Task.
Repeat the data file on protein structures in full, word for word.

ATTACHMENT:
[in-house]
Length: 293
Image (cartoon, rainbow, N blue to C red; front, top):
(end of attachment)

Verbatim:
[in-house]
Length: 293
Image (cartoon, rainbow, N blue to C red; front, top):